When in Sandstone consider this note from MN Climbers Association: "We are especially fond of the City of Sandstone and City Administrator Sam Griffith for working with us to build a climber-citizen cooperative to bring climbers into the community. Sandstone has purchased insurance, blazed trails, made park benches, helped us create an ice farm, donated $$ and staff time to this climbing mecca. Please respect the crag and the locals by picking up garbage and being extra friendly to the tourists and especially the children. We strongly encourage climbers to patronize local business establishments and spend money to show our gratitude to the city."
To support the grassroot climber's initiatives in Robinson State Park (including farming of ice) consider a donation or a joint membership in MCA and Access Fund.
Head East off the ramp, towards the town of Sandstone.
Take a right onto Route 123, aka Main Street.
Pass the local businesses, including the Ace Hardware.
Take a right onto Route 123, aka 3rd Street.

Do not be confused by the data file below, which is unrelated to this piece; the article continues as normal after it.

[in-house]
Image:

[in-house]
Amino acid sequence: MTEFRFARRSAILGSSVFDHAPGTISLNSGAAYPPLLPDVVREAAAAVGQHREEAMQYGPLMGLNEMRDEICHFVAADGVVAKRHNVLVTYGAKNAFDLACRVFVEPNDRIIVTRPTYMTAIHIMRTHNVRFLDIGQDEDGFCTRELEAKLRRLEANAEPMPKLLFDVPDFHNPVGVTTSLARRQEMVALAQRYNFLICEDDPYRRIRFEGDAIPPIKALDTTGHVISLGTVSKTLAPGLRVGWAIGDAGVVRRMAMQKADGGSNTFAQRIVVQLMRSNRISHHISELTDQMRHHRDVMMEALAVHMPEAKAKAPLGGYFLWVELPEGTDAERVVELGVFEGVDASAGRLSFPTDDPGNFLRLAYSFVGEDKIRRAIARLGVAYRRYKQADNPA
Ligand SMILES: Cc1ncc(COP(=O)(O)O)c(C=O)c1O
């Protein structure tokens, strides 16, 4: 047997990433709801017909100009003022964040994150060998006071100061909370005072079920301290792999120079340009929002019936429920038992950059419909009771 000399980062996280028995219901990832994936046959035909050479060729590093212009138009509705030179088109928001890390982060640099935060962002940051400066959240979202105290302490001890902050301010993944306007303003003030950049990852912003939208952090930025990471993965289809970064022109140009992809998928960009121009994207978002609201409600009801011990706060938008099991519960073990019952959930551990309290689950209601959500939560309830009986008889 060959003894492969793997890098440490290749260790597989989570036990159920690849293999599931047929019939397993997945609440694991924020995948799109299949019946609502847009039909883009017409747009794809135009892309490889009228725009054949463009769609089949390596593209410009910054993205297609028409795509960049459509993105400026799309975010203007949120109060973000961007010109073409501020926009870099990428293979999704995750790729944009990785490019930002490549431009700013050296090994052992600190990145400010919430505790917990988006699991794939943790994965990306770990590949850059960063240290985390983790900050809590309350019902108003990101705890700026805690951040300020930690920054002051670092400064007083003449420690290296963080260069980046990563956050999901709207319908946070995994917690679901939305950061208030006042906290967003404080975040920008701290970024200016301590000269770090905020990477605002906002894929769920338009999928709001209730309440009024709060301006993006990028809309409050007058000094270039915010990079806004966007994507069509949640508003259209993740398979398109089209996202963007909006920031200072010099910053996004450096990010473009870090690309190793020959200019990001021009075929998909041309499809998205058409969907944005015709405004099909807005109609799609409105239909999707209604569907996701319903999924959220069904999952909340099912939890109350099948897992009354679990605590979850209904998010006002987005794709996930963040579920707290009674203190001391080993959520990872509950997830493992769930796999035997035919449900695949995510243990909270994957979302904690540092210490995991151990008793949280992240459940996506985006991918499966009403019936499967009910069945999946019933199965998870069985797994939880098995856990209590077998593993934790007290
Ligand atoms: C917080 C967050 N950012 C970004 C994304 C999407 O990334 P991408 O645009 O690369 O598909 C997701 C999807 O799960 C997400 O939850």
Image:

Sandstone Quarry will be on your left once you are out of town (not very far - maybe a mile or so from the turn off Main St.).
The map produced by Shawn Tracy should be invaluable from this point. Basically, The Reproductive wall is on your left near the picnic tables. For Sigma and The Ramp of Death, etc. head a little further, and park on the left. Don't pass under the railroad tracks.
Other Stuff Around Sandstone Quarry
Gas Light Bar (Main and 1st) - This is the place to stop for a beer and to take in the atmosphere. As for food, "Yes, we serve food," said the bartender, "Bloody Marys." Owner Lenny is who initiated getting climbers involved!!! Say THANKS!
Amy's Country Cafe (Main and 1st) - I've heard secondhand that you can get a great burger here.